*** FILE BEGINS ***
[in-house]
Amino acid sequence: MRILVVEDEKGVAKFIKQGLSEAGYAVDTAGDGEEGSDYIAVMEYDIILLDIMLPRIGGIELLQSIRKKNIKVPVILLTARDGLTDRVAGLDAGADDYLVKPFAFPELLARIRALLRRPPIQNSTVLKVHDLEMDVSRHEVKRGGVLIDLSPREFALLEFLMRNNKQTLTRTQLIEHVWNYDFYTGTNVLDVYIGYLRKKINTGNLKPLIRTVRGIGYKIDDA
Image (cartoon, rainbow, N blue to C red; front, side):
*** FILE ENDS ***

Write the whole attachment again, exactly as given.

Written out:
[in-house]
Amino acid sequence: MRILVVEDEKGVAKFIKQGLSEAGYAVDTAGDGEEGSDYIAVMEYDIILLDIMLPRIGGIELLQSIRKKNIKVPVILLTARDGLTDRVAGLDAGADDYLVKPFAFPELLARIRALLRRPPIQNSTVLKVHDLEMDVSRHEVKRGGVLIDLSPREFALLEFLMRNNKQTLTRTQLIEHVWNYDFYTGTNVLDVYIGYLRKKINTGNLKPLIRTVRGIGYKIDDA
Image (cartoon, rainbow, N blue to C red; front, side):